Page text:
In the English Premier League, Young is not the only prominent player to be accused of diving. The great Luis Suarez, an absolute magician who can conjure goals out of nothing for Liverpool, has been under fire for his dives. Compared to Young though, he is an absolutely brilliant actor. In fact, if there was an oscar awarded in football for diving, Suarez would be up there with the likes of Barcelona’s Sergio Busquets and Real Madrid’s Cristiano Ronaldo for performances like these.

suarez dive

While these acts happen, people point to better refereeing to remedy the situation, but it is not as simple of a fix as one would assume possible. Unfortunately, in these situations, the referee is put into a tight bind. Since player safety is always the utmost priority on their part, how can referees eliminate instances of obvious cheating? Macintosh suggests that to remove diving from the game we can completely eliminate it by playing the advantage in these situations as the most extreme solution. Interestingly, he also proposes the use of a panel to determine how to dole out retrospective punishment for these major offenses that can easily dictate the outcome of crucial matches from the Champions League to the World Cup stage. This panel would be well suited to asses the complaints made by teams to ensure that these incidents do not happen. By ignoring the situation, we only exacerbate the problem by permitting these acts to continue to occur. Players must realize that there are repercussions for their actions that often go unobserved because they occur in small instances over the course of matches. By having an committee in place overseeing these issues, soccer can once again be played like it was supposed to be as the beautiful game.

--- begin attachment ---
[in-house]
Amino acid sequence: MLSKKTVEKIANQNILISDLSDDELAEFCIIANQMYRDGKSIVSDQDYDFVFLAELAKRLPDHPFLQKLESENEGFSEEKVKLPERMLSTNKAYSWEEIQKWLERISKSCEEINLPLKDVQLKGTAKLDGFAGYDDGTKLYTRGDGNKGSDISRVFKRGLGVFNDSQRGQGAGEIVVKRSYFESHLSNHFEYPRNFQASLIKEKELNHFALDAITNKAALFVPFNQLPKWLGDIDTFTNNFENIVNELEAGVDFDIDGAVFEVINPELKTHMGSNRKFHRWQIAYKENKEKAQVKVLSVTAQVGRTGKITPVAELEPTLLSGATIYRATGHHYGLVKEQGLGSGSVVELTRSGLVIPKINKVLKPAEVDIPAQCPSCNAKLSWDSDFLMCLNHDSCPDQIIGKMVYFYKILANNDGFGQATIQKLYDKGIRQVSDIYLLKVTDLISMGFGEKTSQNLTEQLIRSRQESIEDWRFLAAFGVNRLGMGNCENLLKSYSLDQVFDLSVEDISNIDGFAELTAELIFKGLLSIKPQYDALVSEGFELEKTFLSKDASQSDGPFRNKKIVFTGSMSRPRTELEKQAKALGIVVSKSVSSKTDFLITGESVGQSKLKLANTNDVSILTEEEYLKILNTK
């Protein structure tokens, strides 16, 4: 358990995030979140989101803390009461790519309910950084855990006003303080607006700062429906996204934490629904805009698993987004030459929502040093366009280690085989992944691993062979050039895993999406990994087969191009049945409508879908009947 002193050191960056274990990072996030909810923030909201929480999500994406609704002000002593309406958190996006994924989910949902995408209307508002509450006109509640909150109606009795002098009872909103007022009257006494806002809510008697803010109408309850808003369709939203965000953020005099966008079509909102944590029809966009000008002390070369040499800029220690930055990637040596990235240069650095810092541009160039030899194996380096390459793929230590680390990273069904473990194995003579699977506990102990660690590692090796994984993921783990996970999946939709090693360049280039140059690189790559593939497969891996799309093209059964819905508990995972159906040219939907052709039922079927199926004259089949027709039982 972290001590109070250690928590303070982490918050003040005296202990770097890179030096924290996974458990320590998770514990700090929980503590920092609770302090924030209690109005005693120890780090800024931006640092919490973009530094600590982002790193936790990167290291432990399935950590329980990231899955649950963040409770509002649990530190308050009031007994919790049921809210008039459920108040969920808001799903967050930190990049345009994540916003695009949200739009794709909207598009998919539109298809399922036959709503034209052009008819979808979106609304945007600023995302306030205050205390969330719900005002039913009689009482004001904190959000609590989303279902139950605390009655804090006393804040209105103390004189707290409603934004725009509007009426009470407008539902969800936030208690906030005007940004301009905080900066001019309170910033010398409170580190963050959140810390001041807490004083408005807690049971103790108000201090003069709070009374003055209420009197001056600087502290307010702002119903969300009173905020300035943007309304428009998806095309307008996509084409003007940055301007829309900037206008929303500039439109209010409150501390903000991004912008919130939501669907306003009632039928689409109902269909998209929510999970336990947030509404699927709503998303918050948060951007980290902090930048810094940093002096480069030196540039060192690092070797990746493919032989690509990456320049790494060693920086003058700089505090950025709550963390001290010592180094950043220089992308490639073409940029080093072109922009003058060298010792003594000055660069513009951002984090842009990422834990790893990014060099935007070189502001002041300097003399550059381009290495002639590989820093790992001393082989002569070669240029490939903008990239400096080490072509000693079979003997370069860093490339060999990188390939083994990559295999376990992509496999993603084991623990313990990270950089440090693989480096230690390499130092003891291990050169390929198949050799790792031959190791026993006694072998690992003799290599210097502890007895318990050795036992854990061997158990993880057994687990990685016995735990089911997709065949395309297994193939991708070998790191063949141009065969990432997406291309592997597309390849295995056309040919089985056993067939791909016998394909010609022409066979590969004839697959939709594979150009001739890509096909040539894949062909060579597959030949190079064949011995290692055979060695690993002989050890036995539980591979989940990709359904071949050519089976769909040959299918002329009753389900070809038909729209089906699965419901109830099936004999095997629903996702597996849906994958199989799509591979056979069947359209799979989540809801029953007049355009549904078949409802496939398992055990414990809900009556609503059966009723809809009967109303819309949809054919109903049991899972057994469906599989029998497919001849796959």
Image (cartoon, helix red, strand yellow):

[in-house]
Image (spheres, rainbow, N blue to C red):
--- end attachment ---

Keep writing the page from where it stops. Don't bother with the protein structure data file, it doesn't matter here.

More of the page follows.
What do you all think about the best ways to tackle the complex issue of diving? I would love to hear your thoughts. 


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Oct 28 2013

Profile Image of Jordan Cirocco

UEFA President Calls for World Cup Expansion to Forty-Team Format

Responding to Fifa President Sepp Bladder’s recent call to expand the number of African and Asian berths to the World Cup at the expense of European and South American nations, UEFA President Michel Platini believes that the tournament should be expanded to a forty team format. This expansion to forty teams would allow for the number of African and Asian representatives in the tournament to increase without reducing the number of European and South American representatives.

Blatter believes that European and South American nations hold an unfair advantage in dominating the make-up of the tournament, despite the having fewer members associations of FIFA than other territories. Pushing towards globalization of the sport, Blatter would like to see the numbers of berths of a territory be more reflective of the number of  FIFA member associations [1]. With only 63 member associations of FIFA, European and South American teams will account for 18 or 19 berths at the 2014 World Cup. Africa and Asia, on the other hand, will only be represented by 9 or 10 teams in total, despite accounting for 100 members associations of FIFA. Blatter believes that, “This flawed state of affairs must be rectified. At the end of the day an equal chance for all is the paramount imperative of elite sport.”